In a number of situations colon cancers bleed. In certain cases, the blood may show up in the stool. When the cancer is close to the rectum, the blood might even appear as bright red. Regardless of whether the blood is not visible, the bleeding might still be detectible in other ways. As an example, the loss of blood may appear as anemia. Blood tests may uncover internal loss of blood that may be the consequence of a tumor in the colon. The key blood test results to check include the hemoglobin, hematocrit, and Mean Corpuscular Volume (MCV) levels. Levels below the normal range might reveal blood loss and iron deficiency anemia. When someone presents with levels that are below normal levels for these tests doctors generally acknowledge that there should be additional testing to determine the reason for the blood loss, like the possibility of cancer of the colon.
Look at the case of a 64 year old male patient whose blood tests exhibited all of the above. The subsequent year, the person’s blood work showed a deterioration of the individual’s problem. Additionally, a guaiac test showed the presence of blood in the patient’s stool. Yet, doing no additional testing, the person’s doctor added a diagnosis of hemorrhoids into the individual’s record. In addition, the patients PSA level (a test that is used to screen males for prostate cancer) was a 10.3 (anything above a 4.0 is often viewed as high and troubling for prostate cancer). The physician did not put any report in the mans chart to indicate an examination of the prostate gland. The doctor failed to relay to the person about the high PSA levels and failed to refer the individual to a specialist.
Roughly two years later the person went to a different doctor. Because of the mans age this physician had him undergo a barium enema. The result: a diagnosis of advanced colon cancer. The person passed away from metastatic colon cancer not even 3 years following his diagnosis. The patient’s family initiated a case against the doctor who ignored the patients abnormally low blood test results and overlooked the existence of blood in the mans stool. The law firm that represented the family reported a settlement in the amount of $1,250,000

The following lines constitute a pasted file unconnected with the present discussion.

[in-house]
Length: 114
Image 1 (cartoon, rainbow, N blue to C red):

Blood tests are done for a reason. Abnormal test results suggest that something may be wrong, maybe even seriously wrong with the person and call for follow up. Sometimes follow up means repeating the blood test in just a short period of time to see whether the levels improve but when the levels deviate sufficiently from normal levels or continue to worsen, doctors usually recognize that this raises the need to order appropriate additional tests to determine the explanation for those levels. Physicians further normally consent that blood in the stool of an adult person calls for fast attention to rule out colon cancer as the cause. A colonoscopy is often used to look at all the colon and either locate or exclude the existence of any tumors. This physician failed to dor any of this.
Although settlements usually include no without any admission of liability by defendants it is no surprise that the law firm that handled this matter was able to report such a significant settlement.